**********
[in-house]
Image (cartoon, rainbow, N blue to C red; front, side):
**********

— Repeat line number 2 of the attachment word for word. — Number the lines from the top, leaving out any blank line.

Image (cartoon, rainbow, N blue to C red; front, side):